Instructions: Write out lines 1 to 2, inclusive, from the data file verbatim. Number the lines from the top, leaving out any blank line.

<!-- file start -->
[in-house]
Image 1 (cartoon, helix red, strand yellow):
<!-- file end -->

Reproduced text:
[in-house]
Image 1 (cartoon, helix red, strand yellow):